Book Review - The Free Lance-Star 6-17-12
Walking In Lincoln’s Footsteps
Visual and Textual Chronology A Winner
By Clint Schemmer
How poor was Abraham Lincoln? This much: As a boy, his most remunerative hours were spent butchering hogs, at 31 cents a day.
When two men tossed two silver half-dollars into his rowboat after he rowed them to their steamboat near his family’s homestead, it was life-changing. Never before had he made such a sum in one day; now, he realized, he might do better by the dint of his labor.
That’s one speck of the riches to be found in “Abraham Lincoln Traveled This Way”—a quiet but powerfully moving and gorgeously illustrated meditation on Lincoln’s life and the places it touched.
There may be a million books written about our nation’s 16th president, but there is none like this one. Find a copy, and savor it.
For anyone interested in getting to know Lincoln the man, and his world, this may be the best book published for our modern, attention-deficit-driven era. Its pairing of images and text is pitch-perfect.
I devour books on Lincoln and his day, but this one is unique. You read Lincoln’s own words and those about him by his contemporaries, meshed thoughtfully with exquisite photographs of the landscapes, homes, and buildings touched by his life, and the effect is profound.
Nothing else connects you with the arc of his life in such a way. At least nothing that fits into something smaller than a museum, or a full-length feature film.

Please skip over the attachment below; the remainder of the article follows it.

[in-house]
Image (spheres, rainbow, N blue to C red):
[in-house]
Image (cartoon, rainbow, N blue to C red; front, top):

Readers will experience the full sweep of the frontiersman—ferryman—militiaman—shopkeeper—inventor—lawyer—politician’s time on earth. It’s all here, from lonely backwoods boyhood to trial-lawyer travels to “a house divided cannot stand” speechifying to presidency-in-crisis.
Yet there is much here that is fresh and new.
Readers will see the Mississippi River that opened his eyes to the wider world (including the horrors of slavery) and the beauty of his midwest prairies and woods. They’ll visit the only largely original log cabin linked to him (a cooper’s shop where he read by firelight), the only two still-working courthouses from his days following circuit-riding judges, the only Lincoln—Douglas debates site left intact.
And all the familiar places are here, too. To see such a wealth of places would require many, many years of the most dedicated travel.
That this author-and-photographer team have brought it to our doorsteps is phenomenal—and a powerful testament to the man many consider our greatest president.
Clint Schemmer is a writer and editor for The Free Lance-Star.